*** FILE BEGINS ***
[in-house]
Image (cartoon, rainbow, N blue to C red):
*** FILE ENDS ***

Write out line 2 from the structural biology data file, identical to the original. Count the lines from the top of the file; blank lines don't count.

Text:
Image (cartoon, rainbow, N blue to C red):